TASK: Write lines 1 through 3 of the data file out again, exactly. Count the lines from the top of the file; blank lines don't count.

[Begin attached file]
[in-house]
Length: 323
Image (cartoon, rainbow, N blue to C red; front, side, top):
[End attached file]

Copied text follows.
[in-house]
Length: 323
Image (cartoon, rainbow, N blue to C red; front, side, top):